The Courier News from Blytheville, Arkansas on July 21, 1944 · Page 3
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The Courier News from Blytheville, Arkansas · Page 3

Blytheville, Arkansas
Issue Date:
Friday, July 21, 1944
Page 3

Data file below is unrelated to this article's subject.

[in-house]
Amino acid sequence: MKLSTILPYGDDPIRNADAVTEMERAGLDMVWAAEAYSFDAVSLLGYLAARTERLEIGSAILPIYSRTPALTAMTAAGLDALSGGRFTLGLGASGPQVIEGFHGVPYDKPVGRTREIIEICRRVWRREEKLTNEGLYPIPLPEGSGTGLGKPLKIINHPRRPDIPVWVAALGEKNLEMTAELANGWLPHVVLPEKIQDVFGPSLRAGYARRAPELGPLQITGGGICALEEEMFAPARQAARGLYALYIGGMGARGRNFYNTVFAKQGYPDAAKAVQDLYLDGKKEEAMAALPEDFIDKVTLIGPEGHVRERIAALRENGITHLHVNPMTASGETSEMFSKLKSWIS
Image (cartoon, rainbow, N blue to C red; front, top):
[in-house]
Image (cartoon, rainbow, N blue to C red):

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FWDAy, JULY 21, 19'J'I- .(AUK.) COUK1EK NBWS Arkansas (jels Light Rainfall Temperatures Lower Following Showers Throughout State LITTLE ROCK, July (UP)—Tlic long licnt .wave and drouth that lifls been going on In Arkansas was .'•qtnewliat relieved when a lisjlit rain fell in some purl.* of the state ycsjerday. . , LUtle 'Rock's 36-day drouth was broken by n .20 Inch rainfall which brought .a drop in temperature In Little Rock of. 20 degrees. Arkadelnhla got relief, from Us 109-degree temperature when a strong north wind blew in clouds mid a light rain. The temperature went-down to 75 degrees .yesterday afternoon. Temperatures nt Con- wujv Nashville .and oilier tcwifs were also relieved wlicn they luu| rain yesterday. Hen C. Isgrlg, Ltltlc Rock seed dealer and plantation owner, says (lie value of the ruin could not lie overestimated. He says cotton in Piyltiski County area just beam) to suffer and the rain will insure a "very good crop." However, reports from Galloway and Scott, indicate Hint more vain Kin be needed in those sections to do any .good. State Extension Agent L A Dhonnu of. lh c University of Arkansas College of Agriculture says tomato' fields, which were hardest bit by the lon« 'drouth, will make fflirly good yic!;ts for commercial canning as a result of the rain. Scaife Asks Tribunal To Set Aside Decision _ LITTLE ROCK. July 21. (UP) — Hal Scaife, Helena sailor, has asked the Arkansas Supreme Court to set aside a Phillips Circuit Court decision convicting him of the second fifceree murder of his wife. Mrs. Jennie Iliith Scaife. In liis petition to the high court, Scaife contends that the defense has new evidence to offer. Mrs. Scaife died of stab wounds at the home of her mother in Marveil in December. 1043. Scaife was convicted May 5 and sentenced to 10 years. f«k IOOKIM AfffAfi Singers Will Convene The Pemlscot Comity Singing Convention will hold I Us monthly singing at Bragg City Sunday morning, beginning at 10:30 o'clock, it was announced today by R. E. L. Smith, president of'the organization. The iniblic is invited to attend Mr. Srnilli said. MAUKE1) -MONUMENTS 'Ihe mgsl< pathetic piece of statuary 1 ever saw was a,92-foot Image ol fiameses II, fjnt In n,jungle, shy an arm and a leg and all '.Hit lest, it weighs countless tons. Up,- rfehtlng it, baffled Egyptian engineers for centuries. I am no, art triUe but I was Impressed, most ol all by the skill and devoted craltjiinunshij) sllll showing on the weathered stone. Its helplessness was depressing. Monuments resemble reputations. They can be damaged beyond re pair by commonplace, things, soon forgotten. Storms too • trivial to have a tinme can, in a few short hcurs, undermine huse foundation: and leave stalwart landmarks'bur- ied in dirt. There are only two factors involved, whether you view It- literally or figuratively: How sturdy Is the structure? How fierce is the storm? Noble Inlflilinii'. Looking with a sort of pity nt tile supine figure, a relic of Moses day, my thoughts raced back to a well-learned chapter of American history. As a youth I almost wept over Andrew Johnson, a truly great man. Before he was many years dead, the things he.advocat- ed were proved, In the light of actual events, to be sound" and right. Hut Tennessqe scljool children were forgetting his name. By birth a Southerner nnd by allegiance a Democrat, Johnson was an independent thinker who wanted the United Stales to stay all in one piece. H e wanted to carry out most of (lie ijolicie:, that A. Lincoln had established, but he couldn't. Maybe Lincoln could have succeeded with the 1865 post-war problem; maybe nobody could. History shows only tin's:' A great man's reputation down; all but last. People The Same In my high school years I had imagined that President Johnson's fate was primitive, too crude for my enlightened time—but not so. In a few years It became our nn- happy lot to watch Woodrow Wilson, one of the grandest characters America ever produced, racked on the same bed or torture: post-war prejudices, a hostile congress, :a divided patty, and some personal trails wide open to rediculc. President Johnson had amazing foresight and a will thai would not be .walked on. We know that now. But his place In history was carved for an obstinate,. unsympathetic crank. President Wilson had vision unclouded by prejudice, vision that, over.-reached his century. But Wilson's contemporaries called him a dreaming addle-pate and painted out a name 'that should cd so visionary) if they might, have been backed by other' men ol his ilay and political station, could _ __ have made World' War 11 viniicc-1 \;.; , wsary. Ulllloiis of dollars and mil-' g ' lions of lives might hivvc,., Uccn .spared' llm iivurk'luus rulers could- in see the vision uny, better.In Wilson's : day than In Johnson's ilny. Or today. ': , Indeed the darkest cloud hi this summer's political sky Ls tlio s(ori|i gatherlns once more over post-war problems, vie fuce imotJier .•ill-liable with the probability of u con- Held In Bank Suspect Arrested At Camp Chaffoc After Booncvillc Hold-up ' t;. Ark.. July witch hlsiniv ^ again? What names virtual\ blotted from.history? Men In Service Navy's amphibious forces, grown tfl n mighty, "lleel-within-tiic- fleet," now have ihc <lisljnclive shoulder patch pictured above, the some as that worn by the Army's amphibious engineers, except for color. The Army's is blue and gold, and the Navy's is scarlet and gold. Symbolizing "combined operations", ,-of land, sea and air are tho eagle, nuked anchor,..submachine gun. have brightened the pages of history . , Mlflii Have Keen President Wilson's 1920 postwni plans for rev.aniping Europe, (call- , or .?. >A sUul 21 I" connect o day ll B l,t hold '*"' 0[ ""°" Mrs. Jesse Province today received n Icttor from her son, T-5 Charles Henley,• who Is with the rillh Army In Italy, telling. lior t M',uti Hint he was safe nnd well but had C'liniriM! olflrials say (hat I'vt. Jt'xsce J. 1'arker was m-fesied when he drove llno]i|!li tin.' cjimp cini- loimicnl area in a car wlilcli military pallce i-ccognlitcd from a no- lle i> description broadcast In searcl for Ihu robber , . , ','""' '""''-"I 1 ««mivtl In tnld- K(lwi , nls , )!ulk ,,,., |WoR ,j, v (ho bnnk wh „ , , been coiLstanlly on the move for robber walked In iuul orclm-,! bank the pnsl two months. TliW was (lie) examiner Felix U, Wind |o liold MI first word Mrs. Province had re- his luuids. The rubber llum ordci' ceived from her son In nine weeks. «| bookkeeper Abe \\ r fllliiiiif,' lo -niui Another .son, Jamr-.s Henley, now the sale. As Williams lurncd' he is stationed In England:-' : I signaled his fnthcr, bank secretiirj Clco c. Coulsou, KM 3-c wllh ' Charles Wlllinms. wlu> lind remaln- thc Navy, wns a member of -a crevy, 1 '' 1 Iwlilnd llioso Inside of the vaul In the American assault . forces | "~ - "~~~ which Invaded Prance;, accoidliiij to itifonimtlon received -by . his cousins, Mr. and Mrs. W. C./Cou'l- ••on of Slcele, Mo.. He luis a broili- cr, H. C. Coutson, also with the Nnvy, stallonud In California. 'ii ordered out, '1'lie elder Wll- livms cauie out, .firing 11 .'J8 caliber fivolver. The robber- Ural once, but Hissed, lie then ran lo a walling •nr.' He kej)l' the fi'ont door cov- •ii'd wllh 11 rlllu until he, could <tnrl (lie automobile.' I.leut. tyle. O. Fcnton, assistant provost mai'shal at Cam]) chaffce, >iiyi I'nrker Is absent-wlllwut leave from tho Louisiana Army camp. Police Find Skeleton On River Ncor Comdon CAMDEN, 'Ark'., 'Jiily 21' (U.!>.)— A hcadles.s skeleton believed lo be that of a white n!rl about 10 01 I'/ years old Ijns been found on llus .banks i.-jf the Ouachlta river Goollio ami conl IjiirnliiR atinn nnd lloli olln'at null with Mimnim, lliowolliiim, niMliviilcil powder. Miwiinn la nut n tali', hut 11 niciiioatocl |i<t\vilor cunliiiuiiiK jnijruliciila ollon rccoininciulcd l,y «,„.;- iiilisls for ilrliing totciurM ol minor «Un niiliLlKMLy, Juiit «]>rinklo McxHinia over your tioialnllAled ukliiinulwo (juii-kly it rcMlovcs tficw tuncu'iittn^ I»[H<>HM, Costa Ilillg. U\vn t;rpulc'i Bavinun inl:ntiThimi. Alwityt ilisiuniul Mfibi hought' S'ollllcs Is ii funny thhi^. One never knows. .Fur Instance,. Congressman G-.ltlllngs §400,0.00 iiewsu^Lifr IMS a'! union bibtl on it—1'KlN'l'El) IN AliCMI'llIb'., Does that, retail .anything, to, you? llus lie i tune back tu the, O.IO,.. ttic.mtoap that . eledfil him?. Vvs, ]iglHu'-, Is. si funny llilns. Julian James-for- Congress Ctiib ALTERATIp^lJ Come to Hudson's for alterations of all kinds. We have three expert seamstresses oh diity at all times. • •.•*•••:• i --'h-i' ••• n ; ;; ;>.i' v ... HUDS Cleaner—Tailor—Clothier GET YOUR WHISKEY IP A Piling Prices Or Less All Imported Wine, Gm, Brandy, and Rum At Cqsf, or Less. Here are the latest Q. P. A. Ceiling prices on some popuIaV brands sth. ' ns. " . ' ' :•' -i-' ! ''5ih ; •••< -j,^ < Calvert's Reserve.. 3.95 2,50 Old Taylor ... 4.88 3.f Calverf'sSpecial..3.51 2.22 Park&Tilford.. ..4l" Canadian Club.... 5.30 Paul Jones ... 3.55 2-24 Early Times ..... 3.51 2.20 P. Deluxe . ,|5 Four Roses . . . 4.26 2.70 Schenley Reserve . 3.f8 151 H. W. Imperial . . . 3.48 Seagram's 5 Crown 3.5 j 2.p I. W Harper . . .4.60 2.89 Seagram's 7 Crown p4 2.49 King, Black Label.. 4.09 2.57 Seagram's V. 0.. " 5.23 3.29 Kentucky Tavern .. 4.54 2#> Sunnybrook . . . . . 3.45 2.18 Old Crow . . . 3.97 2.51 Three Feathers . . . 4.34 2J3 Old forester ..... 4.$7 3.P7 Walker's De Luxe . 2.17 These Prices Do Not Include 2 Pet. Arkansas Sales Tax and A Small Percentage for Freight •••••.•,.. ,. ,, ,," STEWART'S DRUG STORE Main & Lake Sts. WHISKEY On Hand At ALL TIMES' MARTIN'S WHISKEY STORES near Cnmdcii. ' Coroner O. E. Hamilton snys the rl had IMSII (lead several months And ho hays lie; U.S.SUIIKS Uin Kill was slain or drowned, tine) tlmt, her body flouted .down (he river during Hie: May rind June Hoods. . Police found Iho (skeleton while searching'(he river bank'ort 'im- other investigation. . »>,.<j,., StJoseph( " ASE>IRlft .. \ wo BID'S iMcm nun am 112 W. Main 420 W. Ash Brandy and Rum FIFTHS for $3 (ll.iiially Soll^'or »l|) To fl.50) ARKANSAS GRAPE WINE 40c PER BOTTLE Tyt-,• -< •*" f vk»i^ ••'w L.if < \ i ~ ~i~ ' " ~7*~~~t ~~ i'-; 1 * >•' ! '.''*•?,-• i '•'.' '.-•< • - . ! 'f ff^-' zi\\r ifiJ'T '/ift* 1 ^ I l lf('" };""> Elect . . . Minor "W. Milhvee /. . Assodnlc'Jiistlce I _Wyi'AV..,.w. .. . , , 1 ,• .. •••;;.. ./, . Circuit Judge MINOR W. M1LLWEE For— To Fill Tlie Dne.TpIrcd Term Of 'flie Lale Vuslice Ben E. Carter of Tc.Tarkanu. The People Arc Going To Elect Judge/ Minor W. Millwee . . . Associate Justice! ' .. . : ' ".-'!" T ; •'•--.' 'I They Have Found That... •Ar His Character, Ability and Record Quali-,, fy Him For The Higher Office of Associate Justice. ' •Ar He Has The Wholehearted'Endorsement ^ v of Every Lawyer and Official In The Ninth Judicial Circuit; and of Lawyers ~" Throughout The State. •k He Has The Endorsement of Citizens In All Walks Of Life .'."I Who Know He Is Fearless and Unbiased In The Administration of Justice. * ,* His Personal History Is .Y. >A native of Horatio, Sovler County, Arkansas; 43-year£ o£ age, married and * father of three children. , V 0 Earned his expenses while jv> attending Hendrix College l\and University of Arkau- \jf sas, receiving B. A. and Law '{: degrees from University. , . -0 Practiced law for nine : ^ years in DeQueen, serving \ :•• • ' Elect 77." OB City Allorney lor six years;. represented , Sevier County iln the Legislature 'In .the 1933-35 sessions. Is now serving hfs eighth year as Judge o! the Ninth Judicial Circuit A Methodist and has served as a member of his Church Board for the past 14 years. JUDGE MINOR W. MILLWEE ASSOCIATE JUSTICE x His Record, His Sound Judgment and Integrity Merits (' His Promotion • To Tliis Higher Court ' Judgeship, j . •• . -ft: 'D> Advertising -i I /Elect ,: , 1 ..Minor >V, Millwee V'i% 4 Associate 'Justice I'' 4»^'., - . '. . '• • ';£./•.. . . - .AauWfe - - .,, •:• taifee a Tip ,.. Win With "Cr/p" Secretary of State by My clitcf opponent lias been questioning the approprta- ! tlpn ot $3C!),r>lO,02 for maintenance o£ the Capitol j 'Building «iid Grounds (liiriiiEillic.past B yeato. Nearly $120.000 of this amount wns tor lights, gns nnd water, incidentally to hont nnd Hunt his office ns well as tha rest ot llm (Jnpilol UuildliiK. Tlio appropriation, also includes tlio expenditures for wages of janitors and^ , other help ncccssnry to operate llio Cnpllol Buildlng,- geuernl vopnirs to the building, purchaso of equipment, , mul nil oilier expenditures necessary for the maint- • ' niinco mul operation of tlio Capitol Building and Grounds., , '.Now let my opponent explain why it wns necessary to increase the number ot employees !n the Treasurer's Offico from U to <U (Iwo from oilier Denis.) and -his appropriation from $27,000 to $11,150 since he went in offico 10 years ngo. Also, lot him explain why U requires 6 moro employees in llie Treasurer's Office i than il does in llio Slnlc Auditor's Offico lo do esscnllnl- 5 'ly the samo work. Both offices handle, the same. Slats i : JvVnrrnnts. "Crip" Hall opcralcs the Sccrelmy of Stale's i ottico wllli 9 employees, including himself with nri i appropriation ot $23,100. Kvcryono is familiar from § r a rending the newspapers will) my, opponent's tiouble* 3 I with tho Biitol. .Committee ot ovcry •Legislature since I 3 lie hns bcori Stale '.Treasurer. Ifis btiHyet request to I | , the last Legislature, was substantially reduced and one s" | employee in his office wns dropped from the pay roll | | TIIK FACTS AIJOUTTIIH COST OF TIIK LAND- 1 I -SOAPING 1'ROGRAM OK THE STAl'B • I | j. •' CAl'ITOL GROUNDS. i I'ha total cost o/ Die Inmlscnpinn jiroflrntii of the Cdjil- 5 tal (jromuls (o DIG jieopio of /lrl<a»s«s !)[/ !c(;islnlii)8 5 appropriation tons $n,l}ltO. '1'liis includes $10,000 ; for 1 <lio iiiiderBrotnid.spriiildcr si/stem. 'J'liis niiionnt waj 3 malchcil by over $300,000 spent 1>V Wl'A.—See Acts \ Wos. 2M o/ J037 mid 363 o/ 1S39. Here ate some of tho comments from the press of the'state "during "Crip" Hall's jadmmisfration as Secretary of Siale:"kf| 'in other words, "Lllto a liltlo boy, it nppcary Mr. Pago Rot tired of bia mnrbles nnd wants eonieono clso'n." — Dardftnoliu Post Dtsimteh (yell County.) When It (fliu fnnihrnplnff yro- «mm) i> coi>i|ilnleil, llio i<M>Hol 'croi'inilii will lio uiissti-- B isscil In licnuly. — Arhiinsnn cinocrat. . Socrctnry of Stnle C. 0. Hnll la getting plenty of attention from, tho IcKislntora over tlio nmnnor'ln which lio lius cnrcd for llio Capitol lllio It wns his own home.—ArUnnsiia Giiwlto. Secretary o[ State C. G. "Crip' Hall la scokiiiK rc-clcctloii. la ho entitled lo It 1 .' Wo Iiellcvo that ho la.—Northwest Arknn- ena Timos, Fnyollevlllo. A record of service. Hint l» out• lainlliiK In cvrry ivny Is tlmt ot Sccrclnry ot Smte (!. O. (Crip) llidl.—Joncslraro Kic- rliiK Sun. ,,, Hnll la ft younp man with plcnsing iiorsonniity. nhundant eticrfiy nnd unquestioned com- petency.—Wnrren Eagle Democrat. lie !ms nmilc ninny Improvements on Iho slntti oipilnl, nnd (ia» cnrricil on thr> ilnlica ot tho oftlco In n. liusinosslilio manner tlmt lias wnn for him tho friendship ot thousands ot voters.—Mnlvcrn I)»lly Hecoril. Guided by his vision, workmen 'nro ranking tho Arkansas Capitol liulldlnsr OHO of llio siiow- placcs ot tlio Soutli.—Wliilo County Record, .Tmlsonin. Th» iieoi'lo of Arkansas aro imlcMca lo "Crip" Hnll, S«- I rotary ol State, for all llio ncw» j conccrnhi^- pvcry nctivliy.; of j Kiivcrnniciit. —fbiloam Spring! ' Ilcruld-Ucmocrat. TJiosc who have served efri- ! clcnlly nnd faithfully .In public : offico merit tlio support pt On.. people. Such a man Is C. (J. • ( 'Ctip" Hall, our jircscnt Sects- i Uiry of State.—Crowlcy Rldjs', Chronicle, Forreat City. •• •:. v-: An ouWainlliiK service to the ; ireoplo aiippltcd >>y Mr. 1I«11 i» j u news letter, giving thp.rtafl-. \ crs Inforinaliou o[ statb mat-; (ers hi n. coniplcto niul v lmparr • t'nil iiiaiiner.—Englanil Demo- • In our opinion Mr. Hall has ; mailo one, If not the most effl- i eiwit officials In this capacity : In the liistory ol'tlio office.—*, Tuckcrmnn Record.:. : .- ~- 'i'lu f;irin!iler system' (for the ' Capitol lawn) was obtained through tlio initlalivo :of-Secretary of Sf.ito C. 0.' Ilairahd ; tlironith* Ills i)ersev v eranc6, in llio faco of delay and dlMOur- njrciiicut.—Arlcansa.i Gazette.' Ricrctary of State C. G. "Crip" Hall )m proven a-most; efficient business manager for. th» state.—Endorn Enterprise.-': Unilcr liis adniinislrtttion »h» Slnto Capitol lias become one of llio show-places' of the South . . . "Crip'' Hall has proreil himself n ' safe anil .efficient public official, whoso retention In office should lio to ,be«t Interest of tho voters.of Arkan- sas.—1'ino IJloff . CommertUJ. Hall Is Seeking Re-Election i Solely on His Record of Service and (Achievement and NOT Because ^pf His PHYSICAL DISABILITY! : For the Coo'd of Arkansas < Let's Re-elect